Taming of the Sensory Body: Memory, Text, Idea is geared to practitioners of yoga and dance who are seeking to academically engage with the historical, philosophical, and political redefinitions of their embodied practices over the last century and a half. The first module of this course will concentrate on the socio-cultural shifts that took place in the 19th century leading to the obliteration of lived histories of traditional practitioners and the redefinition of the Indian body, morality, and even spirituality.

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Review of the course – Taming the Sensory Body: Memory. Text. Idea (Part 1)

Colonisation warrants not only external shifts and changes, but more importantly shifts that took within, in our minds, world views and conceptualisations. To begin with, we dwelt on the conceptualisation of God, and how a wrathful/benign, sacred/erotic God of pre-modern Hinduism gradually became calendarized, standardized and rendered categorically-benign. With the interiority of God-space being stabilised and fixed, we moved on to examine its impact on the outpourings of erotic-devotion typically found in the padams and javalis of Bharatanatyam. Evoking the ecology of classical Tamil poetics, “in which the external world is continuous with, and expressive of, inner experience” (When God is a Customer, A K Ramanujan), we moved to discuss the overt eroticism of Kshetrya’s padams, “You say, ‘Come close, my girl,’ and make love to me like a wild man, Muvva Gopala, and as I get ready to move on top, it’s morning already.” Debating about the patriarchal constructs of both the devadasi’s liminal space and more so, the “voice” of her amorous songs authored by male-poets, we moved to address the criticality of her sacred/profane ethos. We replayed voices from the past around the anti-nautch debate, V Raghavan advocating the preservation of her liminal ethos, the intactness of which he thought was critical to the layered-richness of her nuanced art in which recognized great sensory value; and Rukmini Devi, on the other hand, deeming it best to redeem the art-from by extricating it from that very ethos.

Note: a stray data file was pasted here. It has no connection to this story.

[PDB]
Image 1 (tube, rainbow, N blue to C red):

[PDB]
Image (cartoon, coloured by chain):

It is not only interesting but very important to note how the project of dance revival becomes a pivotal means to recover a pure and imagined past. Rukmini Devi attributes the dance to the sages and imagined its origin in heaven, and for such a pristine form she envisions and creates a beautiful and befitting haven, i.e. Kalakshetra. “Environment”, she says, “is of tremendous importance to the actual form of the art,” and adds, that “the environment is what we call national life”. So, it is within the discourse of dance that the heavens, antiquity, the sages, art, spirituality, morality, dedication, environment and national life all get conflated. 

Given that Orientalism is/was given to imagining, exaggerating and distorting the mannerisms of the native, it became imperative for the embodied Indian practices, particularly “classical” dance, to be restrained, sophisticated and even cerebral. It became imperative to contain the body, not allow it feel too deeply, curb its non-verbal excesses, and subordinate the dance to a censored text. And now with the added convention of first rendering a translation of the song, most often in English, before it is performed, the body becomes twice-obliterated. First by subjecting it to the fixity of the word and then further having it accommodate the slippages of translation; the body gets strained and tamed within Anglophonic epistemology.

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